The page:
Small intestine & ampulla

Inflammatory disorders

Peptic duodenitis

Deputy Editor-in-Chief: Raul S. Gonzalez, M.D.
Hasan Samra, M.D.
Mohamed Mostafa, M.D.

Last author update: 13 April 2020
Last staff update: 1 June 2022

Copyright: 2003-2024,, Inc.

PubMed Search: Peptic duodenitis

Hasan Samra, M.D.
Mohamed Mostafa, M.D.
Page views in 2023: 33,017
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Cite this page: Samra H, Mostafa M. Peptic duodenitis. website. Accessed April 15th, 2024.
Definition / general
  • Histologic findings indicative of duodenal mucosa injury as a result of chronic exposure to increased gastric secretion
Essential features
  • Primarily involves proximal duodenum
  • Histologic features include gastric foveolar metaplasia and Brunner gland hyperplasia
  • Usually mild and regresses with treatment
  • Also termed chronic nonspecific duodenitis
ICD coding
  • ICD-10: K29.80 - duodenitis without bleeding
  • Duodenum, usually proximal segment
  • Chronic exposure of the duodenal mucosa to excessive gastric acidity in proportion to duodenal bicarbonate contents, resulting in injury to the lining mucosa (Monogr Pathol 1990;31:69)
Clinical features
  • May be asymptomatic (incidental finding) or cause dyspepsia, abdominal pain, hematemesis
  • In advanced cases: symptoms related to gastric outlet obstruction or acute abdominal pain (clinical features of peritonitis) secondary to duodenal perforation
  • Endoscopy with biopsy
  • Negative celiac sprue serology (antitissue transglutaminase, endomysial antibodies, deamidated gliadin peptide)
Endoscopic findings
Prognostic factors
  • Good prognosis as most cases regress with treatment
Case reports
  • Stop the offending medication
  • Proton pump inhibitors
  • Treat underlying infection, like H. pylori (Histopathology 2006;48:417)
  • Surgical intervention for perforated peptic duodenitis or gastric outlet obstruction
Microscopic (histologic) description
  • Foveolar metaplasia of the surface duodenal epithelium
  • Brunner gland hyperplasia (Brunner glands seen above the muscularis mucosae)
  • Expansion of the lamina propria by mixed inflammatory cell infiltrate, including few neutrophils that usually do not infiltrate the epithelium
  • Mildly increased intraepithelial lymphocytes, usually corresponding to Marsh 1 lesion (Mod Pathol 2005;18:1134)
  • Mild villous blunting can be seen (World J Gastroenterol 2005;11:686)
  • Severe cases may show mucosal erosion, ulceration or regenerative changes, like mucin depletion, nuclear hyperchromasia and increased mitotic activity
  • H. pylori very rarely present in metaplastic epithelium
Microscopic (histologic) images

Contributed by Mohamed Mostafa, M.D.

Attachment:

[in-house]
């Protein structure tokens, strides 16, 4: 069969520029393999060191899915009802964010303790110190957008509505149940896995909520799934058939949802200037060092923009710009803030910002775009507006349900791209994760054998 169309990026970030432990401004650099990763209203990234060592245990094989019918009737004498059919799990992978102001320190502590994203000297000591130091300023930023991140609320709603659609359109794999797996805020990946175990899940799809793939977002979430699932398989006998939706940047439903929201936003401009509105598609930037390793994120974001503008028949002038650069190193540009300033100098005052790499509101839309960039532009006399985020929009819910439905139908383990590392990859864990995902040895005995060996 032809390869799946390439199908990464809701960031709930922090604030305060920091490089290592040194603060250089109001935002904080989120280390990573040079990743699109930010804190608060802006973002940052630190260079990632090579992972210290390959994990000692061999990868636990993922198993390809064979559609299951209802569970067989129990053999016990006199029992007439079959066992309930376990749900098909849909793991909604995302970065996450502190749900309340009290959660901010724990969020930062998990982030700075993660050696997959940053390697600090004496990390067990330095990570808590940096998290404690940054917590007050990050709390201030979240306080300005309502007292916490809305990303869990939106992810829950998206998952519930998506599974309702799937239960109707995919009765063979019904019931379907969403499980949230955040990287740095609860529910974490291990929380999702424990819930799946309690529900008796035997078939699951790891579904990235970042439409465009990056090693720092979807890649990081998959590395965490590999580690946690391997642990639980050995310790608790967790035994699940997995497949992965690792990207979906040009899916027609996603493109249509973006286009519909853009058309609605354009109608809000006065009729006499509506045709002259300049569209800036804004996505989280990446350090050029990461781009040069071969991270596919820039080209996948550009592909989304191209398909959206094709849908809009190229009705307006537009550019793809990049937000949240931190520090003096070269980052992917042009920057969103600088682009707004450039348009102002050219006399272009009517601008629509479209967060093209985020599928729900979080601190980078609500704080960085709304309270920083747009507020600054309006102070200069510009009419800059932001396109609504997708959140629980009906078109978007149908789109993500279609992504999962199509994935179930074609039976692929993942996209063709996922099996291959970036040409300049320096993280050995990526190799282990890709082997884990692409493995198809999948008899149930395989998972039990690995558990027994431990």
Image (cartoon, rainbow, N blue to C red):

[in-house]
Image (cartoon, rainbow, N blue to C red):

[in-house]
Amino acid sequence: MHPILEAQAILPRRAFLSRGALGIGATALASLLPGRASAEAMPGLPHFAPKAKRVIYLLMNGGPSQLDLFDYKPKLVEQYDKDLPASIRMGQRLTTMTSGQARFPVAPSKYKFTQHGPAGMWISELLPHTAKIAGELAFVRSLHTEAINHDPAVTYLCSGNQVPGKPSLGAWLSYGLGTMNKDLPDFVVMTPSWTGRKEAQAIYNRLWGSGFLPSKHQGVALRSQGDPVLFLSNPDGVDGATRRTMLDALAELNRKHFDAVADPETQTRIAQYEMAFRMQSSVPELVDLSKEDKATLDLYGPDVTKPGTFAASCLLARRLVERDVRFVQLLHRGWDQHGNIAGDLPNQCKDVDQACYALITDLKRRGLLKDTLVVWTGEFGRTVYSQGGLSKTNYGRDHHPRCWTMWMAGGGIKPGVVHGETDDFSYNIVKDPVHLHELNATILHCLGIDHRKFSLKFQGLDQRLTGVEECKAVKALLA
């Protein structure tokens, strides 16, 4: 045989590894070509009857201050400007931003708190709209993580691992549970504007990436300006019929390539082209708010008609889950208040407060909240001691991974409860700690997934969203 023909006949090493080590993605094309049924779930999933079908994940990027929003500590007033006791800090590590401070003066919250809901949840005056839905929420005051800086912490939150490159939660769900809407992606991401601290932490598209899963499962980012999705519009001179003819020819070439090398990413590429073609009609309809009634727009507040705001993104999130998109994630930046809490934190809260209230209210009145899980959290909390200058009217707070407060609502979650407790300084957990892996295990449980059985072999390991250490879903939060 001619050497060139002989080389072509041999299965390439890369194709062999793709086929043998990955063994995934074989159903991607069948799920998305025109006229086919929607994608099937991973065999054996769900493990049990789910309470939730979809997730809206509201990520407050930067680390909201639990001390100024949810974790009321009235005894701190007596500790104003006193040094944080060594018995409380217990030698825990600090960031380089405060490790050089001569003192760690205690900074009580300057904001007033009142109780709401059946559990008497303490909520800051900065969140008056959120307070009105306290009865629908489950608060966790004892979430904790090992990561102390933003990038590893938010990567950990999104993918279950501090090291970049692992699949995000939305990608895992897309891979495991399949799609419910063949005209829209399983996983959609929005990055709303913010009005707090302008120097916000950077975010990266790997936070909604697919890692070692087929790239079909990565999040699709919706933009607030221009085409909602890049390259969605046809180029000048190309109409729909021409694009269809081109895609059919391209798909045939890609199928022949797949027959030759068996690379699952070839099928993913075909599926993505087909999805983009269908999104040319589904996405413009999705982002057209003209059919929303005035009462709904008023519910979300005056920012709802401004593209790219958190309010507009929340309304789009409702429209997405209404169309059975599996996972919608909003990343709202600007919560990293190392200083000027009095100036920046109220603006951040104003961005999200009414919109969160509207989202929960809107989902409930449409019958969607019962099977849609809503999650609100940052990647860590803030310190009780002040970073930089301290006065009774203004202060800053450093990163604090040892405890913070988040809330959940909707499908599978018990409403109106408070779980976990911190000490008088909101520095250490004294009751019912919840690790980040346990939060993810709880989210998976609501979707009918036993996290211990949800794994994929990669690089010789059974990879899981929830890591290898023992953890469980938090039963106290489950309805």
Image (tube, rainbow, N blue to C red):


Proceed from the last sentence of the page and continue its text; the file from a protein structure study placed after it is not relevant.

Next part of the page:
Surface foveolar metaplasia and Brunner gland hyperplasia

Foveolar metaplasia and lamina propria expansion

H. pylori associated peptic duodenitis

Surface foveolar metaplasia

Contributed by @RaulSGonzalezMD on Twitter
Peptic duodenitis Peptic duodenitis

Peptic duodenitis

Sample pathology report
  • Duodenum (D1 / D2), biopsy:
    • Duodenal mucosa with preserved villous architecture and gastric metaplasia, suggestive of peptic injury
Differential diagnosis
  • Celiac sprue:
    • Positive celiac serology
    • Marked increased intraepithelial lymphocytes and prominent villous blunting
    • Improvement with gluten elimination
    • May also show concomitant peptic injury / gastric metaplasia
  • Crohn’s disease:
    • Nonnecrotizing granulomas
    • Involvement of other locations in the gastrointestinal tract
Board review style question #1
Which of the following histologic findings are most likely to be encountered in peptic duodenitis?

  1. Cryptitis and crypt abscess formation
  2. Lamina propria expansion and nonnecrotizing granulomas
  3. Marked intraepithelial lymphocytosis and moderate villous blunting
  4. Scattered lymphoid follicles in the lamina propria
  5. Surface foveolar metaplasia and Brunner gland hyperplasia
Board review style answer #1
E. Surface foveolar metaplasia and Brunner gland hyperplasia

Comment Here

Reference: Peptic duodenitis
Board review style question #2
Regarding peptic duodenitis, which one of the following is true?

  1. Affects primarily duodenal mucosa distal to ampulla of Vater
  2. Always associated with Helicobacter pylori gastritis
  3. Histologic findings result from excessive bile reflux
  4. Medication is always a culprit
  5. Presents with mild symptoms and regresses with treatment
Board review style answer #2
E. Presents with mild symptoms and regresses with treatment

Comment Here

Reference: Peptic duodenitis
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